In many ways, Lake Mary represents the juxtaposition of Florida’s evolving development pattern. Case in point: how does a suburban community in sprawling Central Florida with the headquarters of the American Automobile Association (AAA) as its signature corporate presencesuccessfully create Transit Oriented Development?
It takes thoughtful planning, perseverance and a long term view. But with the opening of Station House, a residential mixed-use development at Lake Mary’s SunRail commuter rail station, the vision is becoming reality. Lake Mary is a model for other communities seeking to create TOD from scratch.
Located in Seminole County, the City of Lake Mary’s population is about 14,000, with a median household income of $83,000, making it one of Central Florida’s more affluent communities. In the 1980s and ‘90s, the portion of Lake Mary adjacent to Interstate 4 experienced an office real estate boom as the Heathrow International Business Center and other campus-style corporate office parks sought prime regional access and proximity to a well-educated workforce with renowned quality public schools.
Long before the approval and opening of SunRail’s first phase in 2014, Lake Mary had transit plans to connect its eastern residential areas and historic town center with the rapidly growing employment center located west of I-4. Those plans have yet to materialize, but its 2001 Downtown Master Plan set the framework for development around a future passenger rail station along the CSX railroad once built. The Lake Mary SunRail station, completed in 2013, features 300+ free parking spaces, which is a reflection that the station is several miles removed from the City's primary employment areas and much of its population base.
The Downtown Master Plan set the template for connectivity and development in the traditional town center, platted around a traditional grid in 1926 with a railroad station as the anchor. It is a small but walkable and diverse downtown, with a collection of mostly single story retail shops, restaurants, a prominent park, some offices and City Hall. City staff attribute the existing sense of place as a big contributor to the station's success.
Creating TOD Readiness
John Omana, the City’s Community Development Director, likes to say “we set the regulatory table” to guide desired downtown redevelopment. The City threw out its conventional zoning code because of setback provisions and other requirements that precluded compact development. It adopted performance zoning to guide the development form and character, providing relief on setbacks, which were established at 0 in some cases, and enabled a high level of flexibility relative to site requirements, such as provision of parking. The City completed streetscape plans to enhance the walking experience and provide on-street parking.
The key to the TOD’s success is an innovative Transfer of Development Rights program involving “density banking.” The City’s Downtown Master Plan set a base density of 18 dwelling units per acre for the downtown area, so the City converted the development potential of all city-owned property in the downtown area into an aggregated pool of “unused dwelling units.” This resulted in a TDR pool of some 400 dwelling units, available for purchase by developers to increase a project’s density and yield.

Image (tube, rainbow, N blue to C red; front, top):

Through a public-private partnership Station House developers, Epoch Properties, purchased land adjacent to the station from the City, which established a Planned Unit Development overlay for the property. Epoch used the TDR program to purchase additional density, resulting in a four story, 200 unit residential development yielding 71 units/acre. To enable construction of a parking garage on site, that needed to encroach into a public right-of-way, the City issued a 99-year lease to access the right-of-way rather than vacate the ROW and be forced to divide it equally among adjacent property owners. That cooperative action enabled the project to move forward on the site.
A Development Catalyst
Epoch is marketing the Station House to millennials working down the SunRail line in Orlando at the Florida Hospital Health Village station, the two downtown Orlando stations and the Orlando Health station. Only 13 of the units include three bedrooms. Nearby shared public space amenities include the heavily programmed Central Park, and its Farmers Market, the Cross Seminole Trail, a Community Center and other trails. A variety of retail is just a short walk away.
The area surrounding Station House and the SunRail station is poised for additional development. A number of properties next to the development include For Sale signs, signifying that initial success will be a catalyst to further development of the area. According to City staff, lenders are still balking at the zero on-site parking provisions, making office development unlikely in the TOD area. It will likely remain primarily residential with small amounts of retail for the foreseeable future.
While Lake Mary's station area is coming to reality in a positive way that builds on its historic sense of place, there remains a disconnect between the City's SunRail station and the regional employment center located 3-4 miles to the west along I-4. To address that situation, Lake Mary is working with office owners and tenants to experiment with privately operated shuttles, but time will tell if it will prove successful. In the meantime, the City is focusing on enhancing the SunRail station area through additional development as a strategy to strengthen its downtown identity and offer people additional housing and workplace choices.